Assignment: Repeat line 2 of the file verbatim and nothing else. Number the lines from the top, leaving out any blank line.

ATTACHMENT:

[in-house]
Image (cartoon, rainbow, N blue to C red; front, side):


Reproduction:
Image (cartoon, rainbow, N blue to C red; front, side):